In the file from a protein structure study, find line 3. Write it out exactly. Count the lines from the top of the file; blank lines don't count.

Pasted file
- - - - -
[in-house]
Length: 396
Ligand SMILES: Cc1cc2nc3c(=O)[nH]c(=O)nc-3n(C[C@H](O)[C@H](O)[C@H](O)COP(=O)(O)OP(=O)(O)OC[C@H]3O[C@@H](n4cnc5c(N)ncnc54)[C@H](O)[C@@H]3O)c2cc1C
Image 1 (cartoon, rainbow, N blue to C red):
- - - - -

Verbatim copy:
Ligand SMILES: Cc1cc2nc3c(=O)[nH]c(=O)nc-3n(C[C@H](O)[C@H](O)[C@H](O)COP(=O)(O)OP(=O)(O)OC[C@H]3O[C@@H](n4cnc5c(N)ncnc54)[C@H](O)[C@@H]3O)c2cc1C